The existential crisis PAS faces started with the decision to adopt the Negara Berkebajikan concept over the summer. What Abdul Hadi was thinking at the time is unclear, but the decision to relaunch his political party as the Islamic equivalent of DAP may go down as one of the more risky moves of the run-up to GE13. In one fell swoop, he managed to drive the large body of hardliners in his party into open revolt (hence the ongoing saga of Datuk Hasan Ali) and, as a result of the entirely-foreseeable backlash, galvanise his coalition-mates against his party, thereby re-opening the wounds that drove DAP and PAS apart a decade ago. His initial attempts to smooth over the Hasan imbroglio were as successful as his launch of the welfare state concept, and so now he is back to open war with his rogue party members.
The real testament to Abdul Hadi’s skills is that this ongoing episode of profound political malpractice has led to calls from almost every wing of the party for the expulsion of almost every prominent member of PAS except for Abdul Hadi.
While his motivations remain unclear — whether he truly believes that PAS’s vision of the Islamic state is identical to a welfare state, he wanted to come into line with DAP and PKR, or some other reason — the real mystery is why the rest of the PAS leadership allows him to hold any meaningful power. The PAS vision of Islam has never been terribly popular with most of the Rakyat (which prefers a cerebral, tolerant observance to an unthinking, brutal one), but PAS always had a core group of followers, a definite vision for Malaysia, and a place in our political spectrum.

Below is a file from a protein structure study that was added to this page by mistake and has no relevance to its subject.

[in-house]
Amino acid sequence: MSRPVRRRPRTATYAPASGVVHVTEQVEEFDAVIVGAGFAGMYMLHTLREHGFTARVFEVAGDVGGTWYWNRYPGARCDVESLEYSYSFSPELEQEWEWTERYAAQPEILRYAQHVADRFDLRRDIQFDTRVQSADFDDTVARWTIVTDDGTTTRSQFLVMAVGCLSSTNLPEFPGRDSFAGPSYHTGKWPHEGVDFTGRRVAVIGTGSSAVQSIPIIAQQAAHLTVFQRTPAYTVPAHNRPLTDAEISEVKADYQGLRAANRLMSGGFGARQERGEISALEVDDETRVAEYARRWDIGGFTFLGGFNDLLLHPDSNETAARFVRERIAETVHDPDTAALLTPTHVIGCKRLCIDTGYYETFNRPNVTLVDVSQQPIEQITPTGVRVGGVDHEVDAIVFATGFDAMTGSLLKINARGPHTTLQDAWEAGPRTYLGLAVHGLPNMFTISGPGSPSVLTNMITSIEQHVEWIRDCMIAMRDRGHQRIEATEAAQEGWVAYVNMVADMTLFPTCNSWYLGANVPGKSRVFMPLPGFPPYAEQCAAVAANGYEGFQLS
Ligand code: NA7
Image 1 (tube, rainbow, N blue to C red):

Now, its place, its vision, its core supporters, and its very purpose are in doubt. While there is always value in transformation, reform, and renewal — themes Prime Minister Najib has made the centerpiece of his leadership of Umno and the nation — and there is additional value for a party that has never been able to command even a plurality of the Rakyat, the time to do this is most definitely not with a general election just around the corner. Now, every Malaysian even remotely inclined to vote PAS must wonder what PAS stands for. Does it still want hudud law? Is the welfare state concept mere camouflage? Does PAS even have a clear goal any longer, or is it merely a willing accomplice to DAP’s and Datuk Seri Anwar Ibrahim’s ambitions?
That PAS has reached this point should be a blaring klaxon to its leadership, a warning that Dato’ Seri Abdul Hadi Awang and those who have set out this course of action should get their act together or hand over leadership of PAS to others before GE13 is called. That this is not happening today is a sure sign of the risks, borne of an identity crisis, that PAS now faces in the upcoming general election.